WASHINGTON – Russia could be ready to invade Ukraine within the next month, several experts agreed during a virtual panel hosted by the Atlantic Council.

One scenario could see an invasion begin via a “very large” cyber attack, according to Lt. Col. Tyson K. Wetzel, a senior Air Force fellow at the Atlantic Council.

“​​Probably on critical infrastructure. Try to turn the heat off. Try to turn communications off,” Wetzel said. “Create a crisis within Ukraine that potentially threatens legitimacy.”

Russia only needs about four weeks to put together a force to successfully invade Ukraine, according to Michael Kofman, research program director in the Russia Studies Program at the Center for New American Security. 

“Indeed, within the next few weeks,” said Andriy Zagorodnyuk, former Ukrainian minister of Defense. 

The panel, made up of academics, military personnel and a former U.S. ambassador to Ukraine agreed an invasion is likely if more severe forms of Russian deterrence are not implemented. 

Vladimir Putin, the president of Russia, “is a gambler,” Wetzel said. “I think he is willing to push the chips in at the risk of large losses.”

U.S. officials have sounded the alarm for an impending Russian invasion for months. Now, an estimated 100,000 Russian troops have amassed at Ukraine’s border, according to Secretary of State Antony Blinken. 

Despite Russian forces surrounding three sides of Ukraine, Russia is not currently in a position to take the capital, Kyiv, Wetzel said. Moscow will likely want to “take and hold small areas for a political objective.” 

“It really comes down to what are Putin’s objectives?” Wetzel said. “I think his objective is to take territory and to make NATO look feckless.”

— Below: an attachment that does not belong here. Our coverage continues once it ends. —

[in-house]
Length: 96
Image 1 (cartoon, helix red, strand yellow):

The U.S. is also at fault, according to John Sipher, former member of the CIA’s Senior Intelligence Service and nonresident senior fellow at the Atlantic Council’s Eurasia Center.

“This crisis is partially the result of mishandling of previous crises,” Sipher said. “We’ve consistently shown weakness in the form of accommodation. We’ve been fighting the wrong war, if you will.”

“If the response is weak then [the Russians] continue,” Zagorodnyuk agreed. “If the response is strong, then they back off.” 

In addition to cyber attacks, Russia will likely also use more traditional forms of offensive fighting, Wetzel said. 

“The hybrid component is what Russia does,” Wetzel explained. 

Some panelists reflected cautious optimism that Russia could be deterred from invading Ukraine if the White House takes a stronger stance.

If President Biden’s warnings are “taken seriously by the Kremlin, the odds of invasion go way down,” said John Herbst, who served as U.S. Ambassador to Ukraine from 2003 to 2006 under former President George W. Bush. 

Any Russian troop movement over the border of Ukraine will constitute an invasion, Biden said Thursday. 

“Let there be no doubt at all,” Biden said. “If Putin makes this choice, Russia will pay a heavy price.”

The Department of Defense on Monday put 8,500 U.S.-based troops on heightened alert for potential deployment to the region. Additionally, NATO sent ships and fighter jets to help reinforce eastern Europe. 

But there’s still work to do to make deterrence a credible threat, according to some of the panelists.

“We have to make it appear that the costs are prohibitive,” Wetzel said, “and I don’t think we’re there at this point.” 

Harsher sanctions are a potential solution, some panelists said. 

“If we push the Europeans hard, we don’t simply consult, but we push in the right direction on serious sanctions,” Herbst said, “this could lead to no invasion.” 

Blinken pushed back against criticism of the administration’s sanctions response, arguing that  waiting now will give the U.S. more leverage later.

Regardless of the international community’s response, Ukraine is preparing for the worst, Zagorodnyuk said.

“Ukranians are ready to fight,” he said.